Shawna R. Kimbrell, 555th FS. She is the 1st African-American female fighter pilot in the Air Force.
Born in 1976, the Parker, Colorado native had dreams of being an astronaut, but decided it would be more fun to fly a fighter jet.
“I fell in love with the idea of the freedom of flying and after my first flight lesson at age 14, I never looked back. I am still amazed that in this day and age there is still so much room for firsts especially for females and for African-Americans. It is an important step for progression and although I am not fond of the spotlight I think it is important for people to know that this barrier has been breeched. Especially for the African-American community and for women to know what types of opportunities are available to them.”–Major Kimbrell
Up until only 22 years ago, piloting a multi-million dollar, multi-role F-16 combat aircraft was reserved solely for men. Then, in 1993, the secretary of defense permitted women to enter fighter pilot training. Although women have been entering pilot training since 1976, before 1993, government officials did not believe women had “what it took” for combat.
Major Kimbrell knew she “had what it took” and after graduating from the Air Force Academy in 1998 and went on to complete intense pilot training receiving her pilot wings in August, 1999.
Eager to make it as a fighter pilot in a field with a limited number of pilot slots Major Kimbrell pushed herself to constantly improve.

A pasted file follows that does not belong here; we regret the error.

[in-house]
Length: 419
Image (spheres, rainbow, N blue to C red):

There are more than 14,000 pilots in the U.S. Air Force — about 3,700 of those are fighter pilots. But in that group, only 70 are women.
Pursuing a career in a male-dominated field was just one of several challenges Major Kimbrell had to overcome.
Another challenge Major Kimbrell faced throughout her career and growing up was the struggle of being an African-American woman, who at times was viewed as being different than other people.
“There are still a lot of unresolved racial issues in the U.S. and they spill over into every walk of life and every workspace,” said Major Kimbrell, the only female pilot stationed at Aviano Air Base.
“When I go somewhere new, people tend to look at me differently, mostly because of who I am and it is the subtle ways that people treat me differently that make it challenging. The unfortunate fact is that being a black woman is a constant struggle.”
Major Kimbrell has flown the F-16, T-38, T-37 and T-3 and has logged more than 945 flying hours in the F-16, including 176 combat hours.
Her military decorations include:
🛩Air Medal with one device
🛩Aerial Achievement Medal
🛩Air Force Commendation Medal with one device
🛩Army Commendation Medal
🛩National Defense Service Medal
🛩Armed Forces Expeditionary Medal
🛩Iraq Campaign Medal
🛩Global War on Terrorism Service Medal
🛩Korean Defense Service Medal